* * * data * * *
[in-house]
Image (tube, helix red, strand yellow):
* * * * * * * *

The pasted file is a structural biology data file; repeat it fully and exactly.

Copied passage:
[in-house]
Image (tube, helix red, strand yellow):